Loud drilling hammer noises and scattered tools welcome you to the Somali Red Crescent Society (SRCS) orthopaedic workshop in Mogadishu town. The orthopaedic workshop complements other rehabilitation services offered at the rehabilitation centre. After surgery, patients in need of prostheses, orthoses, crutches, walking frames and wheelchairs can be assisted in this very centre.
At the rehabilitation centre, the staff advise, create and fit orthopaedic appliances for patients suffering from different types of diseases and injuries.
“My health condition is getting better. I can’t say much about my situation prior to the SRCS rehabilitation program, because before I used to walk on crutches” says Maslah Mohamed, one of the patients who has been receiving care at the rehabilitation centre.
On the morning of 12th January 2009, Maslah’s life changed after getting an injury on his leg in an explosion within Mogadishu city. He was rushed to Keysaney hospital in Mogadishu to receive urgent medical care.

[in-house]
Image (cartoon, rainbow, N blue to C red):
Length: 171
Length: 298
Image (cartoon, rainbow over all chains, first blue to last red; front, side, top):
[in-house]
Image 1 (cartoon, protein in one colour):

After being ill for a year, his leg was amputated at only 11 years old. He consulted with the SRCS rehabilitation centre on what support he could receive.
“I got a prosthetic leg, mentorship and all other disability related support. I believe that without the SRCS rehabilitation centre, I would not have been able to get an education” he added.
11 years later, Maslah can walk and has completed his university education as an agronomist.
Mogadishu rehabilitation centre, opened in 1982, is the largest of the three currently run by the SRCS. The other two are located in Galkayo and Hargeisa towns. The centre typically receives nearly 500 patients seeking physiotherapy treatment every month. The number of visits has however been low with COVID-19 preventive measures such as social distancing put in place.
“Majority of patients being received are amputated, paralyzed, clubfoot cases or people dealing with gunshot wounds” says Halima Abdulle a physiotherapist and the director of the SRCS Rehabilitation Centre in Mogadishu.
Halima has been working for the centre for 30 years now, supporting and overseeing the operations. The centre is supported by the International Committee of the Red Cross (ICRC) and the Norwegian Red Cross through physiotherapy trainings, training the prosthetic and orthotic professionals who are the ones making and fitting the limbs.
This year nearly 7,600 patients benefitted from the centre’s services consisting of 4,141 physiotherapy treatment, 1,489 prosthetic arms and legs as well as orthopaedic braces, 1,000 elbow crutches, 126 wheelchairs and overall repairs of 630 orthopaedic appliances.